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Shell judgment raises many questions for other major polluters


Shell judgment raises many questions for other major polluters

Jeroen Segenhout Caitlin Stooker Jan Verbeek 

The judge is forcing Shell to make more efforts to reduce its CO₂ emissions. 

In brief:

  • Oil company Shell is forced by the court to tighten up its climate policy.
  • Chemical companies are now concerned.
  • The big question is how far the Shell judgment reaches.

‘Alarm bells have gone off all over the world. I’ve already had enough phone calls’, says chairman Bernard Wientjes of the association of Dutch chemical companies VNCI. He notes that unrest has broken out in the industrial boardrooms now that the court in The Hague has demanded that Shell tighten up its climate policy.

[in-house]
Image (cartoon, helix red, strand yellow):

Multinationals mainly want to know the scope of the verdict. ‘If court rulings in the Netherlands make life impossible for companies in other countries, then we have a serious problem,’ says Wientjes. “So that must be investigated.”

It is clear that the Shell case will be continued. Friends of the Earth Netherlands director Donald Pols said on Wednesday on TV program Nieuwsuur that he would rather see companies take action themselves. But if that doesn’t happen, more lawsuits will follow.

Best efforts obligation

The judge ruled that Shell must have reduced its CO₂ emissions by 45% net by 2030 compared to 2019. The current plans of most major polluters in the Netherlands do not come close to that.


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